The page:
using System;
class RefExample
{
    static void Swap(ref int x, ref int y) 
    {
        int temp = x;
        x = y;
        y = temp;
    }
    public static void SwapExample() 
    {
        int i = 1, j = 2;
        Swap(ref i, ref j);
        Console.WriteLine($"{i} {j}");    // Outputs "2 1"
    }
}

An output parameter is used for passing arguments by reference. It's similar to a reference parameter, except that it doesn't require that you explicitly assign a value to the caller-provided argument. An output parameter is declared with the out modifier. The following example shows the use of out parameters using the syntax introduced in C# 7.

    using System;
    class OutExample
    {
        static void Divide(int x, int y, out int result, out int remainder) 
        {
            result = x / y;
            remainder = x % y;
        }
        public static void OutUsage() 
        {
            Divide(10, 3, out int res, out int rem);
            Console.WriteLine("{0} {1}", res, rem);	// Outputs "3 1"
        }
    }
}

A parameter array permits a variable number of arguments to be passed to a method. A parameter array is declared with the params modifier. Only the last parameter of a method can be a parameter array, and the type of a parameter array must be a single-dimensional array type. The Write and WriteLine methods of the System.Console class are good examples of parameter array usage. They're declared as follows.

public class Console
{
    public static void Write(string fmt, params object[] args) { }
    public static void WriteLine(string fmt, params object[] args) { }
    // ...
}

Within a method that uses a parameter array, the parameter array behaves exactly like a regular parameter of an array type. However, in an invocation of a method with a parameter array, it's possible to pass either a single argument of the parameter array type or any number of arguments of the element type of the parameter array. In the latter case, an array instance is automatically created and initialized with the given arguments. This example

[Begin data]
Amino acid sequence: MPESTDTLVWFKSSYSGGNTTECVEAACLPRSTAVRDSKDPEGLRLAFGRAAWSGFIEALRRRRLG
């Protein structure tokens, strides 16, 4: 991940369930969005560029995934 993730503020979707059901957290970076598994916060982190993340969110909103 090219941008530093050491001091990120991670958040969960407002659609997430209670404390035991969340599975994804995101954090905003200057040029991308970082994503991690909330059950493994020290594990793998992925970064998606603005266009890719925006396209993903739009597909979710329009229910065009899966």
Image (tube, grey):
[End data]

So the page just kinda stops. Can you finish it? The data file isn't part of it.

Console.WriteLine("x={0} y={1} z={2}", x, y, z);

is equivalent to writing the following.

string s = "x={0} y={1} z={2}";
object[] args = new object[3];
args[0] = x;
args[1] = y;
args[2] = z;
Console.WriteLine(s, args);

Method body and local variables

A method’s body specifies the statements to execute when the method is invoked.

A method body can declare variables that are specific to the invocation of the method. Such variables are called local variables. A local variable declaration specifies a type name, a variable name, and possibly an initial value. The following example declares a local variable i with an initial value of zero and a local variable j with no initial value.

using System;
class Squares
{
    public static void WriteSquares() 
    {
        int i = 0;
        int j;
        while (i < 10) 
        {
            j = i * i;
            Console.WriteLine($"{i} x {i} = {j}");
            i = i + 1;
        }
    }
}

C# requires a local variable to be definitely assigned before its value can be obtained. For example, if the declaration of the previous i didn't include an initial value, the compiler would report an error for the subsequent usages of i because i wouldn't be definitely assigned at those points in the program.

A method can use return statements to return control to its caller. In a method returning void, return statements can't specify an expression. In a method returning non-void, return statements must include an expression that computes the return value.

Static and instance methods

A method declared with a static modifier is a static method. A static method doesn't operate on a specific instance and can only directly access static members.

A method declared without a static modifier is an instance method. An instance method operates on a specific instance and can access both static and instance members. The instance on which an instance method was invoked can be explicitly accessed as this. It's an error to refer to this in a static method.

The following Entity class has both static and instance members.

class Entity
{
    static int nextSerialNo;
    int serialNo;
    public Entity() 
    {
        serialNo = nextSerialNo++;
    }
    public int GetSerialNo() 
    {
        return serialNo;
    }
    public static int GetNextSerialNo() 
    {
        return nextSerialNo;
    }
    public static void SetNextSerialNo(int value) 
    {
        nextSerialNo = value;
    }
}